The Biden administration on Tuesday sued Idaho over its law banning abortions in most circumstances, arguing the state’s move conflicts with federal law.
The Justice Department claims the Emergency Medical Treatment and Labor Act requires hospitals receiving federal Medicare funding to perform emergency services, which can include abortion.
Specifically, the government argues a pregnant patient could use emergency care for an abortion in the event of preeclampsia, an ectopic pregnancy or an infection.
“The Idaho law would make it a criminal offense for doctors to comply with EMTALA’s requirement to provide stabilizing treatment, even where a doctor determines that abortion is the medical treatment necessary to prevent a patient from suffering severe health risks or even death,” the lawsuit read.
It asks the court to rule that the state’s law, which is set to take effect later this month, runs afoul of the Constitution and federal law.
“On the day Roe and Casey were overturned, we promised that the Justice Department would work tirelessly to protect and advance reproductive freedom,” Attorney General Merrick Garland said Tuesday in announcing the lawsuit.
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“That is what we are doing, and that is what we will continue to do. We will use every tool at our disposal to ensure that pregnant women get the emergency medical treatment to which they are entitled under federal law. And we will closely scrutinize state abortion laws to ensure that they comply with federal law,” he added.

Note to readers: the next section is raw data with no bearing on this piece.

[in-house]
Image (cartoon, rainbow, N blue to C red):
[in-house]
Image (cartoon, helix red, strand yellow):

Department of Health and Human Services Secretary Xavier Becerra said patients have a right to health care no matter where they live.
“Women should not have to be near death to get care. The Department of Health and Human Services will continue its work with the Department of Justice to enforce federal law protecting access to health care, including abortions,” he said.
The Idaho abortion ban allows for exceptions only in the case of rape, incest or to save the patient’s life.
The Biden administration announced last month it was notifying health care facilities of the Emergency Medical Treatment and Labor Act as a way to protect access to abortion in states that have moved to curtail the procedure following the high court’s overturning of Roe v. Wade, the 1973 case that established abortion as a right nationally.
Texas sued the Biden administration days after it made the announcement, arguing it can’t force doctors in the state to perform the procedure in violation of state laws. That lawsuit is pending in a federal court in Texas.
President Biden recently signed an executive order aimed at ensuring access to reproductive health care after the Supreme Court in June upended abortion jurisprudence in the case Dobbs v. Jackson Women’s Health Organization, which upheld a 15-week ban on abortion in Mississippi and overruled Roe.
The ruling sent the issue of abortion back to the state legislatures, followed by several conservative states moving to ban abortion.
Four days after the president’s order, the Department of Health and Human Services issued a mandate to “override individual states’ abortion laws under the authority of the EMTALA,” according to the Texas lawsuit.
Idaho Attorney General Lawrence Wasden said the Justice Department did not discuss with the state how the two laws can coexist. Instead, he said the feds are wasting taxpayer dollars on the litigation.
“It’s unfortunate that, instead of sitting down with the State of Idaho to discuss the interplay between its abortion laws and EMTALA, the U.S. Department of Justice has chosen to file a politically motivated lawsuit. Since the Dobbs decision from the U.S. Supreme Court in June, the Department has had nearly six weeks to discuss with Idaho its abortion laws and their reconciliation with EMTALA,” he said.
The EMTALA was passed in 1986 to ensure no one was turned away from emergency health services whether or not they were able to pay for the medical treatment.